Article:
In aikido, as in virtually all Japanese martial arts, there are both physical and mental aspects of training. The physical training in aikido is diverse, covering both general physical fitness and conditioning, as well as specific techniques.[23] Because a substantial portion of any aikido curriculum consists of throws, beginners learn how to safely fall or roll.[23] The specific techniques for attack include both strikes and grabs; the techniques for defense consist of throws and pins. After basic techniques are learned, students study freestyle defense against multiple opponents, and techniques with weapons.

Fitness

Aïkido-shihoo nage
Ukemi (受け身) is very important for safe practice

Physical training goals pursued in conjunction with aikido include controlled relaxation, correct movement of joints such as hips and shoulders, flexibility, and endurance, with less emphasis on strength training. In aikido, pushing or extending movements are much more common than pulling or contracting movements. This distinction can be applied to general fitness goals for the aikido practitioner.[4]

In aikido, specific muscles or muscle groups are not isolated and worked to improve tone, mass, or power. Aikido-related training emphasizes the use of coordinated whole-body movement and balance similar to yoga or pilates. For example, many dojos begin each class with warm-up exercises (準備体操 junbi taisō), which may include stretching and ukemi (break falls).[24]

Roles of uke and tori

Aikido training is based primarily on two partners practicing pre-arranged forms (kata) rather than freestyle practice. The basic pattern is for the receiver of the technique (uke) to initiate an attack against the person who applies the technique—the 取り tori, or shite 仕手 (depending on aikido style), also referred to as 投げ nage (when applying a throwing technique), who neutralises this attack with an aikido technique.[25]

Both halves of the technique, that of uke and that of tori, are considered essential to aikido training.[25] Both are studying aikido principles of blending and adaptation. Tori learns to blend with and control attacking energy, while uke learns to become calm and flexible in the disadvantageous, off-balance positions in which tori places them. This "receiving" of the technique is called ukemi.[25] Uke continuously seeks to regain balance and cover vulnerabilities (e.g., an exposed side), while tori uses position and timing to keep uke off-balance and vulnerable. In more advanced training, uke will sometimes apply reversal techniques (返し技 kaeshi-waza) to regain balance and pin or throw tori.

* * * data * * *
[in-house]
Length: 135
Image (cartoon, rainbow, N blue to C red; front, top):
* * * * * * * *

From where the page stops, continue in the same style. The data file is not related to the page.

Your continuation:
Ukemi (受身) refers to the act of receiving a technique. Good ukemi involves attention to the technique, the partner and the immediate environment—it is an active rather than a passive receiving of aikido. The fall itself is part of aikido, and is a way for the practitioner to receive, safely, what would otherwise be a devastating strike or throw.

Initial attacks

Aikido techniques are usually a defense against an attack, so students must learn to deliver various types of attacks to be able to practice aikido with a partner. Although attacks are not studied as thoroughly as in striking-based arts, sincere attacks (a strong strike or an immobilizing grab) are needed to study correct and effective application of technique.[4]

Many of the strikes (打ち uchi) of aikido resemble cuts from a sword or other grasped object, which indicate its origins in techniques intended for armed combat.[4] Other techniques, which explicitly appear to be punches (tsuki), are practiced as thrusts with a knife or sword. Kicks are generally reserved for upper-level variations; reasons cited include that falls from kicks are especially dangerous, and that kicks (high kicks in particular) were uncommon during the types of combat prevalent in feudal Japan. Some basic strikes include:

  • Front-of-the-head strike (正面打ち shōmen'uchi) a vertical knifehand strike to the head. In training, this is usually directed at the forehead or the crown for safety, but more dangerous versions of this attack target the bridge of the nose and the maxillary sinus.
  • Side-of-the-head strike (横面打ち yokomen'uchi) a diagonal knifehand strike to the side of the head or neck.
  • Chest thrust (胸突き mune-tsuki) a punch to the torso. Specific targets include the chest, abdomen, and solar plexus. Same as "middle-level thrust" (中段突き chūdan-tsuki), and "direct thrust" (直突き choku-tsuki).
  • Face thrust (顔面突き ganmen-tsuki) a punch to the face. Same as "upper-level thrust" (上段突き jōdan-tsuki).

Beginners in particular often practice techniques from grabs, both because they are safer and because it is easier to feel the energy and lines of force of a hold than a strike. Some grabs are historically derived from being held while trying to draw a weapon; a technique could then be used to free oneself and immobilize or strike the attacker who is grabbing the defender.[4] The following are examples of some basic grabs:

  • Single-hand grab (片手取り katate-dori) one hand grabs one wrist.
  • Both-hands grab (諸手取り morote-dori) both hands grab one wrist. Same as "single hand double-handed grab" (片手両手取り katateryōte-dori)
  • Both-hands grab (両手取り ryōte-dori) both hands grab both wrists. Same as "double single-handed grab" (両片手取り ryōkatate-dori).
  • Shoulder grab (肩取り kata-dori) a shoulder grab. "Both-shoulders-grab" is ryōkata-dori (両肩取り). It is sometimes combined with an overhead strike as Shoulder grab face strike (肩取り面打ち kata-dori men-uchi).